If there were a hall of fame for Blog for Arizona writers, David Safier certainly would occupy a premier space. David wrote over 3,000 posts here before moving on to his current gig at Tucson Weekly’s The Range. His posts here covered many topics, but mainly on his passion, education policy. His posts always were thoughtful.
After reading Larry Bodine’s hit piece on David Garcia’s book, “School Choice,” David reviewed the book himself and wrote his own piece at The Range, A Review of David Garcia’s Book, “School Choice”.
Here’s Safier’s take:
Bodine’s depiction of the book is, in a word, wrong.
In other words, David agreed with Brahm Resnik’s characterization of Bodine’s piece as a “gross distortion.”
Safier went a bit further than Resnik: Continue reading
Disclosure: I voted for David Garcia.
Further disclosure: I know Brahm Resnik better than I know my co-blogger, Larry Bodine. I put Brahm at the top of Arizona’s political media. When it was time to go public with the John Huppenthal’s racist comments on this site, it was a huge plus having him be the one to break the story.
Here’s what Brahm Resnik said when he learned of Bodine’s hit piece from Tim Steller on Twitter:
I read the book. The blogger and the professor grossly distort the content. It’s not even a close call.
So, one of the most respected reporters in Arizona just said this blog grossly distorted the facts. If Brahm Resnik’s tweet is correct, we committed a fraud on our readers. Ugh.
The Farley campaign reportedly is broadcasting the Bodine post, which Brahm characterized as a gross distortion, far and wide. That’s how politics works. It’s a dirty business.
David Garcia’s own statement regarding his book follows after the jump. If you think we owe David an apology, say so in the comment section. Continue reading
Rachel Maddow last night played audio from Devin Nunes’ appearance at a fundraiser for Kathy McMorris Rodgers. Rodgers, the fourth ranking member in the Republican House caucus, is in a tough battle to retain her seat.
Nunes, with Rodgers seemingly on board, explained how the Rosenstein impeachment isn’t dead, it’s just on hold until the Senate confirms Kavanaugh. If the House impeached Rosenstein, you see, the Senate would have to table all other business during the Rosenstein’s trial.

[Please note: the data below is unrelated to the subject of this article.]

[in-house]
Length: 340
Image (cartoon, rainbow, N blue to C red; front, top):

Yes, that’s disturbing. Good on Rachel for reporting it.
But the other disturbing part of the story is the role Nunes was playing at the event.
Many readers here think of Nunes as nothing but a corrupt stooge for Trump.
Yet there he was, playing the headliner role at a fundraiser for the fourth ranking Republican in the House.
Were it an event to rally the folks like those we’ve seen at recent Trump rallies (my fave is the woman in the sleeveless flannel shirt flipping the bird at the camera), this would not be surprising. You’d expect Nunes to be popular with that crowd. Continue reading
Democratic Senate candidate Deedra Abboud was asked what legislation she’d introduce if elected. Her response (I’m going by memory, so this may not be exact): “Children shall not be placed in cages in America.”
Campaigns are about messaging. Abboud’s message in her short response was loud and clear: The madness needs to stop, and her priority number one was stopping the madness.
Contrast that to Abboud’s primary opponent, Kyrsten Sinema. Sinema is running ads about her priorities. Priority number one for her is working across the aisle to improve veterans’ health care.
There’s nothing inherently wrong with improving veterans ‘ health care, right? Of course not. Just the opposite. We owe a debt of gratitude to our veterans, even if many of the wars in which our political leaders induced them to serve were for causes less than noble. Regardless, they made huge sacrifices for the good of all of us. We owe them.
The thing is, though, there’s also nothing inherently wrong with fiddling, either.
This isn’t hard.
Trump categorically was lying when he said he misspoke in Helsinki.
According to Trump, he meant to say “wouldn’t” when he actually said “would” in the following passage.
I have President Putin. He just said it’s not Russia. I will say this. I don’t see any reason why it would be, but I really do want to see the server.
If you believe Trump, that simple change would convert the statement from expressing skepticism of Russian interference in the 2016 election, to not seeing any other possible culprits (you know, like China, or the 400 pound guy on his bed to whom Trump has referred, or whoever he had in his mind when he wrapped up his “clarification” Tuesday by saying “Could be other people also. There’s a lot of people out there.”).
The trouble with Trump’s reconciliation is that it’s flat-out irreconcilable with the remainder of his remarks. Continue reading
A federal jobs and income guarantee could protect workers the way unions once did.
The Supreme Court’s decision in Janus vs. AFSCME dealt organized labor, already on its heels, a crushing blow. Public employees who choose not to join unions now cannot be required to pay so-called “fair share” fees to compensate unions for the cost of representing them in wage and benefit negotiations.
With only 6.5 percent of private sector workers unionized, teachers, firefighters, and other public employee unions have been the bulwark of organized labor in recent years. Over a third of government workers are unionized, but that will likely head south in the wake of Janus.
Absent a union, an individual employee negotiating against a large employer is powerless. If the employer and worker don’t agree to terms, the employer loses one worker out of many, while the employee’s children go hungry. Guess who wins? Continue reading